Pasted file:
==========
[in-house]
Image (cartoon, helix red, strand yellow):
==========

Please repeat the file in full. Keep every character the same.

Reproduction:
[in-house]
Image (cartoon, helix red, strand yellow):